Suppressive Therapies For Herpes

People with herpes who have several outbreaks per year or who have severe outbreaks of the illness should consider a daily suppressive treatment to reduce their number of outbreaks and to mitigate the severity of these outbreaks. Herpes is an illness that affects millions of Americans. It comes in two varieties, HSV-2 and the less severe HSV-1. This sexual transmitted disease is incurable, but treatments can help mitigate its severity and help prevent the infected person from passing the illness on to his or her sexual partners.

According to experts, the use of suppressive therapy to treat herpes can reduce the number of outbreaks by up to 80 percent. For people suffering from frequent or severe outbreaks of herpes, this news is extremely heartening.

There’s no magic number of outbreaks per year that health care providers use to determine when a patient should use suppressive therapy. The criteria for suppressive therapy generally entail how often the outbreaks occur and what impact they have in the patient’s ability to enjoy his or her life.

Here are some common antiviral drugs used in suppressive therapy for herpes:

Aciclovir is similar to valaciclovir. Like valaciclovir, aciclovir reduces the frequency of outbreaks and can reduce the window of time in which the patient is infectious to others. When used as a suppressive treatment, aciclovir is taken two-four times daily. Like valaciclovir, aciclovir can cause some mild side effects including nausea and diarrhea.

Aciclovir is currently used by about 30 million people worldwide, and has a good track record of safety. It was the first antiviral drug approved for the treatment of herpes, gaining approval in the 1980s. It’s also the cheapest and most readily available. Studies researching its effectiveness in reducing the chance of people infected with herpes catching HIV have had mixed to negative results.

Valaciclovir, commonly know as Valtrex, is an antiviral drug used in various treatments for herpes. When used as an episodic treatment, this drug helps sores heal faster and reduces the time period in which symptoms are painful. Also, it can help cut the time window in which the disease can be transmitted to a patient’s sexual partner. Episodic treatment is when you only treat the symptoms when they occur. Suppressive therapy is when you take steps to prevent occurrences.

When used as a suppressive treatment, valaciclovir is taken once or twice daily. Taking the drug can help reduce herpes outbreaks by up to 85 percent. Like any drug, valaciclovir has side effects. These side effects include nausea or headache, but in general side effects of valaciclovir tend to be mild.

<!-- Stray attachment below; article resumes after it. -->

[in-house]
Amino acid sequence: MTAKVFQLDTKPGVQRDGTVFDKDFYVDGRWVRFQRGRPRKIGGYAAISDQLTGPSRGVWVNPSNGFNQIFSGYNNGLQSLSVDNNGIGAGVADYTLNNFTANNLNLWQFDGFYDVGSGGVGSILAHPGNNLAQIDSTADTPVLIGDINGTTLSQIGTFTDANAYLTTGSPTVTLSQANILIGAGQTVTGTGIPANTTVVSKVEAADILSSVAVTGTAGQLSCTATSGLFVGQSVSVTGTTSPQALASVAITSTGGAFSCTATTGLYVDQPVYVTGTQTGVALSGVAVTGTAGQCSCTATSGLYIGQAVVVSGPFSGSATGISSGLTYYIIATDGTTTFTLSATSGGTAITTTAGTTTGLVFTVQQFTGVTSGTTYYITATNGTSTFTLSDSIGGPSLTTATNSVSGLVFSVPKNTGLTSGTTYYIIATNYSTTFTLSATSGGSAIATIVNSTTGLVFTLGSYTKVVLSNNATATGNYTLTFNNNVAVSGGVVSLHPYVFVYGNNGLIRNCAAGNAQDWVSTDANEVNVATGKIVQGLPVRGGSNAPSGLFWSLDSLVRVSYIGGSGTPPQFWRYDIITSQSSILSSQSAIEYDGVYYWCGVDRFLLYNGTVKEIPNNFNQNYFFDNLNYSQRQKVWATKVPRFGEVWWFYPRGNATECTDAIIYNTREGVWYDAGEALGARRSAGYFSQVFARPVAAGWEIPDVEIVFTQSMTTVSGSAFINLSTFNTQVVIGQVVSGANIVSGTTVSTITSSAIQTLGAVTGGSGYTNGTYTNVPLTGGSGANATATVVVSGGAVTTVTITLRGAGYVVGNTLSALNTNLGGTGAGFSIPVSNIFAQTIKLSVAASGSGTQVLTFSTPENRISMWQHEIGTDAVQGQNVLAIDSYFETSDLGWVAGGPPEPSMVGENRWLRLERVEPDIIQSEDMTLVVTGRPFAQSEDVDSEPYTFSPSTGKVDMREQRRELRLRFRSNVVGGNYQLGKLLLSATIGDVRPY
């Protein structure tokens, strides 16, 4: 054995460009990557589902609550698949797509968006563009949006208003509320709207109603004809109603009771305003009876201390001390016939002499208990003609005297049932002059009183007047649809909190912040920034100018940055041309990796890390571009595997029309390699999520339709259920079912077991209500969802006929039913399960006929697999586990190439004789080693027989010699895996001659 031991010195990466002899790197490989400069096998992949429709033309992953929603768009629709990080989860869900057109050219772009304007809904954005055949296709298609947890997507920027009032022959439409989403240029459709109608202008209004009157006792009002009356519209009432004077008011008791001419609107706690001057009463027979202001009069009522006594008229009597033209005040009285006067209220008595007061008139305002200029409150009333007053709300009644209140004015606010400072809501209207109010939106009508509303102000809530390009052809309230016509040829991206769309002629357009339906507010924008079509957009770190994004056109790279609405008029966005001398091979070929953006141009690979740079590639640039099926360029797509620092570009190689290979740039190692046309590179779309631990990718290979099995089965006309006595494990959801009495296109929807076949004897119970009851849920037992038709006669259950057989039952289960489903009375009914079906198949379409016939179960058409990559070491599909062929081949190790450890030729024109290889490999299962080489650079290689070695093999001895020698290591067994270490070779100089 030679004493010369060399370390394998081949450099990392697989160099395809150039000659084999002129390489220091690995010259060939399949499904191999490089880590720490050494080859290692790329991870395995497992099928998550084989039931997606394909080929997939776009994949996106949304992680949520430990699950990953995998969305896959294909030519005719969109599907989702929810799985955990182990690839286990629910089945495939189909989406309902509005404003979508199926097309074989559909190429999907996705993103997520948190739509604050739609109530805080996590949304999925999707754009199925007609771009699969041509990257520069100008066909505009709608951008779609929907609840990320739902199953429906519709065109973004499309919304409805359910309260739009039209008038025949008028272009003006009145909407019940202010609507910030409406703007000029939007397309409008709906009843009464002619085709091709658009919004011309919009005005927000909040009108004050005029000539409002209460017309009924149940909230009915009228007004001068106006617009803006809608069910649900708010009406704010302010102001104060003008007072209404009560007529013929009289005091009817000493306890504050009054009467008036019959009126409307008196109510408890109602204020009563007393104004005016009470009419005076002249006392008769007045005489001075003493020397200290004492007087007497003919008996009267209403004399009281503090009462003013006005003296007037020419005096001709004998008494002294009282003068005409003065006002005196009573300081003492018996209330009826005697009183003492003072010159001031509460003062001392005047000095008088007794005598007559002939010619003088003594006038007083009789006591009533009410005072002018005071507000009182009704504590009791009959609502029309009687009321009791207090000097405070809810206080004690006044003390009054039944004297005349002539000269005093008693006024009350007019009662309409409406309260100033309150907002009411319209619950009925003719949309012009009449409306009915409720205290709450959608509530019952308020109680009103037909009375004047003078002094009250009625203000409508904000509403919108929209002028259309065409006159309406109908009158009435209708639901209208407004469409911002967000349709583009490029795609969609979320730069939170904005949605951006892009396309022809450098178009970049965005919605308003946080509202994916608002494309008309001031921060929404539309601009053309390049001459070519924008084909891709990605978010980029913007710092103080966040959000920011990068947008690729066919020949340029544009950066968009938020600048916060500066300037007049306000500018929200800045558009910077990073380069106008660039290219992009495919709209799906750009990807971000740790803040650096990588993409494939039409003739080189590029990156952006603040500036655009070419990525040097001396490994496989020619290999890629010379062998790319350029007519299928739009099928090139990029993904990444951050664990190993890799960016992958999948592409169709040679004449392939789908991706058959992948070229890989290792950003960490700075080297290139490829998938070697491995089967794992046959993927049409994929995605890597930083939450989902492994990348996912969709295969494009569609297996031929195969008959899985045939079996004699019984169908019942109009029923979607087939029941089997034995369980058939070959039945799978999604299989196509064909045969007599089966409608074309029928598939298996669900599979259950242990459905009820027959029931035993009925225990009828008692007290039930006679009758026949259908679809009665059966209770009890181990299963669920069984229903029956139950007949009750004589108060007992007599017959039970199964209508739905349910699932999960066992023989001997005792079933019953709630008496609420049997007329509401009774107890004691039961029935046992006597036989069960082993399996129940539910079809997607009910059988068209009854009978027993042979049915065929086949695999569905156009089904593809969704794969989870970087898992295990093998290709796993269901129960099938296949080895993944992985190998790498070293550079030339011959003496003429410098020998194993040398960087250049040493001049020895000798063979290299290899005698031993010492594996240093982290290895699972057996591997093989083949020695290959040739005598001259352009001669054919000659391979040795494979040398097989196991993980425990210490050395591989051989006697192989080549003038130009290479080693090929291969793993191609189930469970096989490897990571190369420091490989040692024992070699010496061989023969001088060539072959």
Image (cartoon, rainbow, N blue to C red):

Just because your partner is using valaciclovir doesn’t mean that you should stop using condoms during sexual intercourse. Valaciclovir can reduce the chance of spreading herpes, but the risk remains substantial. Consider it a secondary line of defense, with condoms being the first. This rule should apply for all other suppressive therapies as well.

Famciclovir
is also used in both episodic and suppressive therapy. When used in suppressive therapy, patients take the drug up to twice per day to treat recurrent outbreaks. Side effects of famciclovir include headache and nausea.

All three of these treatments for genital herpes have good safety records. When determining what drug to use for suppressive therapy, health care providers take into account various factors such as medical history, allergies and effectiveness of the drug. A key benefit of valaciclovir is that it is more easily absorbed into the blood than the other drugs, requiring fewer doses than the other treatments. This may be beneficial for busy or forgetful patients.

When starting suppressive therapy, you should consult frequently with your doctor concerning the efficacy of the treatment, and how well you’re tolerating the side effects.

Because of the health risks herpes poses to unborn children, aciclovir is commonly prescribed to pregnant women who are infected with herpes. Tests have shown that the drugs risks to unborn children are minimal, and the benefits of using this drug far outweigh the risks posed by herpes. The drug has also been found to be safe for use during breast feeding.

Finding out you have herpes can be an extremely disturbing incident, but there is hope for people who have this unfortunate illness. Suppressive therapy is one of the best of these hopes, allowing infected persons to reduce their chances of having an outbreak, their chances of infecting another person, their chances of catching another STD and mitigating the very unpleasant symptoms of this illness.

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